2020-2021 Faculty Books & Film

Carlos Aguirre, Professor, Department of History.  Alberto Flores Galindo. Utopía, historia y revolución (Lima, La Siniestra Ensayos, 2020), coauthored with Charles Walker, University of California, Davis. The book addresses different aspects of the work and life of the late Marxist Peruvian historian Alberto Flores Galindo (1949-1990), including his role as a public intellectual, his views about Peruvian independence, his interpretations of political violence in the 1980s, his relationship with the Cuban revolution, and the way in which his passion for literature infused his work as a historian.

Amalia Gladhart, Professor of Spanish, Dept. of Romance Languages: Her translation of Jaguars’ Tomb, a novel by Argentine writer Angélica Gorodischer, was published in Feb. 2021 by Vanderbilt UP. Abstract: Jaguars’ Tomb is a novel in three parts, written by three interconnected characters. Each of the three parts revolves around the octagonal room that is alternately the jaguars’ tomb, the central space of the torture center, and the heart of an abandoned house that hides an adulterous affair. The novel is both an intriguing puzzle and a meditation on how to write about, or through, violence, injustice and loss. Among Gorodischer’s many novels, Jaguars’ Tomb most directly addresses the abductions and disappearances that occurred under the Argentine military dictatorship of 1976–83.

Michelle McKinley, Bernard B. Kliks Professor of Law at the University of Oregon Law School. Her award-winning book Fractional Freedoms has been translated into Spanish. The citation is Libertades Fraccionadas: esclavitud, intimidad y movilización jurídica en la Lima colonial, 1600-1700. Valencia: Editorial Tirant lo blanch, 2021. Fractional Freedoms explores how thousands of slaves in colonial Peru were able to secure their freedom, keep their families intact, negotiate lower self-purchase prices, and arrange transfers of ownership by filing legal claims. Through extensive archival research, Michelle A. McKinley excavates the experiences of enslaved women whose historical footprint is barely visible in the official record.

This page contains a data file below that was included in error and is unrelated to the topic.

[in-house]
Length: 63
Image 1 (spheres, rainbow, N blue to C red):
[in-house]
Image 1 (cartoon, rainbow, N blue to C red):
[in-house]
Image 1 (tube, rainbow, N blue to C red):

Lynn StephenPhillip H. Knight Chair, Distinguished Professor of Arts and Sciences Department of Anthropology. Indigenous Women and Violence: Feminist Activist Research in Heightened States of Injustice. Lynn Stephen (Editor), Shannon Speed (Editor). Indigenous Women and Violence offers an intimate view of how settler colonialism and other structural forms of power and inequality created accumulated violences in the lives of Indigenous women. This volume uncovers how these Indigenous women resist violence in Mexico, Central America, and the United States, centering on the topics of femicide, immigration, human rights violations, the criminal justice system, and Indigenous justice. Taking on the issues of our times, Indigenous Women and Violence calls for the deepening of collaborative ethnographies through community engagement and performing research as an embodied experience. This book brings together settler colonialism, feminist ethnography, collaborative and activist ethnography, emotional communities, and standpoint research to look at the links between structural, extreme, and everyday violences across time and space. 



Search

 


Center for Latino/a and Latin American Studies Gift Fund

Access the above link for giving to the Center for Latino/a and Latin American Studies Gift Fund. Online gifts may be made using the form available at this link; all gifts are processed by the University of Oregon Foundation, a nonprofit 501(c)(3) organization responsible for receiving and administering private donations to the University of Oregon.

Categories